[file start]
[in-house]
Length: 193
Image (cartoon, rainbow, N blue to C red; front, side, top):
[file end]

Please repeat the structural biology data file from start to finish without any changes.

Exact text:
[in-house]
Length: 193
Image (cartoon, rainbow, N blue to C red; front, side, top):